coffee at the library

If it were a television series we’d sip
out of unlabeled cups
and not smoke cigarettes on breaks.

If it were a dream we’d be considerably
productive despite the air conditioning
and our naked bodies.

If it were a bad joke the red-head
would be reading to the blonde while
the brunette got married in the stacks.

If it were a Friday we’d find a seat.

If it were an answer to an obligatory question posed
by the uninterested but pointedly cordial roommate,
it’d be “alright” while biting a banana.

If it were a teen-novel we’d be broken up
and the only seat left was the one beside you
and the hurricane we heard the adults talk about
but didn’t truly consider had just begun to hit
so I couldn’t leave—
in fact, I’d have to sleep there.

If it were a disaster they’d only have
small cups and hazelnut,
they’d close at nine. 

Alas,
I have fucked up the cupcakes.
The plight of the party-planner.
I had suggested some cheese, an aperitif.
But she simply wanted cupcakes.
"Simple," I think.
I think it is a simple request. 
I’ve been sedentary for quite some time now, though I’ve
stood to reach for a pair of socks I’ve just purchased.
"It is the summertime," I think, "my friends birthday," I think.
My feet are less cold than exposed and I must be in a supportive
chair to continue on with my poetry.
The only park nearby cannot escape the road, and even when
your palms tickle the grass there’s the idea of later.
What’s for dinner, what we’d like to drink, moving forward in vain.

I wonder what Caroline ate at her friends’ summer
parties. A vegetarian for fourteen years.
"Probably nothing," I think, "maybe a cupcake,"
I think. She swims for half as many hours as her age
and pulls at the wet spandex bunching between her back.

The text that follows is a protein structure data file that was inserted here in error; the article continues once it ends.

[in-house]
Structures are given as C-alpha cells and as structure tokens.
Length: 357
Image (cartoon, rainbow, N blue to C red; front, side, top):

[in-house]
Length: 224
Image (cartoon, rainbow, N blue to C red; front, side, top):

She doesn’t notice her hunger until she sits,
doesn’t ask the time because her mother
is coming at eight and she’d like to keep on swimming.

MY HEART

I’m not going to cry all the time,
nor shall I laugh all the time,
I don’t prefer one “strain” to another.
I’d have the immediacy of a bad movie,
not just a sleeper, but also the big,
overproduced first-run kind. I want to be
at least as alive as the vulgar. And if
some aficionado of my mess says “That’s
not like Frank!”, all to the good! I
don’t wear brown and grey suits all the time,
do i? No. I wear workshirts to the opera,
often. I want my feet to be bare,
I want my face to be shaven, and my heart—
you can’t plan on the heart, but
the better part of it, my poetry, is open.

—Frank O’Hara

the dog-owner’s moral dilemma

dog: “I wait all day but I have no perception of time.”

dewy and dumb as a july night
on a july night on a porch step
in the city you might have,
should have left.
where i am the salt above your brow,
bags packed for a transcontinental
   down your cheek
      to the pacific.

you nod your head and i go
dodging some potholes along the way.
it’s always the same:
turn right at what’s left of the time
you were too old to fall off your bike—
"asphalt is a bitch"—
and straight through the hairs
of an inconsistent beard.
i go onward
laughing about residual tokens of youth.

i move slow in the valley for a last view.
nestled between your big breath and
your little breath, i’d tell the tourists
not to fear the wind, 
but keep a steady foot.
the man in the wheelchair agrees,
perched on the peak looking over
toward the water.

i 360-cannon-ball into your ocean
always to tread before i float

i am glad i have not lost you. you should know that i am about to peep inland empire. (ashamed i haven’t yet)

you are percussion
in a tunnel, a dozen
doves in a shoebox

MAC lipsticks

shy girl,
myth on hold.
pillow-talk.

feeling disconnected from many things.
keep having dreams about people i admire snubbing me
"she’s losing interest"

i think that’s my biggest fear. i need to start writing again

come home, let me make you
some dinner. it’s nearly july
and the lone fan hums
the song of consistency.
we know all of the words;
we pay all of the bills.
    it works.

when you need olive
all you’ve got is canola.
"blasphemy!" says the mother
thirteen towns away.

but we laugh at our substitutions.

maybe we’ll dream big
of the Mediterranean basin,
planning a month in Italy
over paper plates.
maybe you don’t know
that I don’t have a passport.

but how could I break it to you
over what’s left of this incredible
asparagus salad